- BofA says sterling likely to break $1.40 on 'Brexit' concern
- Pound posts biggest one-day gain since December versus dollar
The specter of a potential exit from the European Union is disrupting analysts’ view of the pound’s future.
The vote is a “sword of Damocles” hanging over the pound and deterring investors, according to the chief currency strategist at Deutsche Asset & Wealth Management Investment GmbH, which oversees about $1.3 trillion. Even Bank of America Merrill Lynch, which says the risks of an EU exit are exaggerated, notes the currency has already started to price in a “Brexit” premium, and is likely to break through $1.40 against the dollar.
“I don’t see any willingness by short- or medium-term investors to touch sterling for the time being," Deutsche Asset & Wealth Management’s Dirk Aufderheide said from Frankfurt. The impact of a “Brexit risk” will persist for at least “another couple of months,” he said.
The two companies are the latest to warn about the perils of Britain quitting the EU, the world’s biggest single market. Sterling has weakened against 11 of its 16 major peers in 2016, touching an almost seven-year low versus the dollar last week, amid speculation a planned referendum on the U.K.’s future may be held as soon as June. The currency has also been hurt by a deteriorating global economy, near-zero domestic inflation and the waning prospect of an interest-rate increase by the Bank of England, which would be its first since 2007.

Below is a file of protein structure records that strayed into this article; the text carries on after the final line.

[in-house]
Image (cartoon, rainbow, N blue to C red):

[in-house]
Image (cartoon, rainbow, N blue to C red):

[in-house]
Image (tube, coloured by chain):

The pound rallied on Tuesday, paring its recent losses. It jumped 0.7 percent to $1.4341 as of 4:40 p.m. London time, its biggest gain of the year. That still leaves it down almost 3 percent since the start of 2016 after it slid to $1.4080 on Jan. 21, the lowest since March 2009.
While there’s “some scope for recovery” in the next few days as the pound approaches technical resistance levels, the general course will be downward, Deutsche Asset & Wealth Management’s Aufderheide said. “There’s hardly any incentive to touch this falling knife.”
Sterling also advanced against Europe’s shared currency Tuesday, climbing 0.6 percent to 75.68 pence per euro. It touched a one-year low of 77.56 pence on Jan. 20.
“We have revised down our near-term GBP forecast profile on the assumption that the referendum is increasingly likely to be held this year,” Bank of America analysts led by Kamal Sharma, a senior G-10 currency strategist, wrote in a note on Tuesday. “GBP/USD is likely to break below long-term support at 1.40 whilst EUR/GBP is likely to head back towards 0.80.”
Even so, the chances of Britain quitting the EU are exaggerated, according to the analysts, who argued that opinion polls are underestimating support for an “in” vote.
“The removal of Brexit uncertainty should see a meaningful rebound in GBP sentiment,” the Bank of America analysts wrote.